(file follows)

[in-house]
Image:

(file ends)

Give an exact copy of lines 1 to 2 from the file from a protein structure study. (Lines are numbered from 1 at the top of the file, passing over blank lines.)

[in-house]
Image: